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Kids Helping Kids


Kids Helping Kids gives young people the opportunity to help others by packing food at Gleaners Community Food Bank that will be distributed to other children and youth in southeast Michigan. It introduces the idea of community service in a fun, rewarding way and has both hunger education and nutrition education components too. 
Michigan Nightlight: What really differentiates this program from other youth volunteer programs?
Gleaners Community Food Bank Manager of Youth and Nutrition Programs Winona Bynam: A few things differentiate Kids Helping Kids. One is the education piece. The children don’t just come in and volunteer, but also learn about hunger in the community and about good nutrition. Another piece is that we’re helping to develop future community advocates and philanthropists, introducing young people to the satisfaction you get from giving of yourself to others. Another point of
...we’re helping to develop future community advocates and philanthropists, introducing young people to the satisfaction you get from giving of yourself to others.
differentiation is the fact that the young people are volunteering on behalf of other young people. They’re packing food for other children just like themselves.
 
What are the keys to success for your program?
What we hear over and over again is that the kids have a good time. They’re learning, but it’s not classroom learning. It’s hands-on learning. We use games and other interactive exercises to help them learn about hunger issues and nutrition. Also, Kids Helping Kids is successful because the young people feel that what they did was important, and they want to come back because of that.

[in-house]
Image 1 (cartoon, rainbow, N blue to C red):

What existing challenges remain with this program and how do you plan to overcome them?
Kids Helping Kids volunteers pack food for the BackPack Program [provides food for weekend meals to school-aged children] and the SmartBites Program [provides in-school healthy snacks for hungry kids during the school day]. Our biggest issue is always making sure that we have funding for the food that is needed for these programs. We’re always looking for opportunities for funding and appealing to our community and our support base. Through a recent effort, for example, we doubled our BackPack support for the holidays. This means we were able to take some schools off the waiting list to make sure children at those schools have food over the holiday months.
 
Another challenge is making sure that we’re able to offer the Kids Helping Kids program to students in school districts that cannot afford to transport the kids, and don’t have money for field trips, to allow them to participate. For example, for two years we received grant money for transportation for Detroit Public Schools children to participate in Kids Helping Kids. Once
We are always impressed by how seriously the youth take their experience here. They want to do more. They want to stay all day...
here, the program is free. But the students need to get here.
 
What are the children who volunteer with Kids Helping Kids most inspired by? 
They just don’t know that there is so much going on here at the food bank – the enormity of it, that there is so much food coming in and out. They’re also inspired that we have programs just for young people.
 
How does your program take a collective, collaborative approach to creating systemic change for children?  
You have young people reaching out to help other young people. They are putting effort toward helping others. We are always impressed by how seriously the youth take their experience here. They want to do more. They want to stay all day and ask how else can they help. Also, a lot of the youth are impressed that the snacks we’re giving out are items they’d like for themselves. So they feel good about what they’re packing too.  
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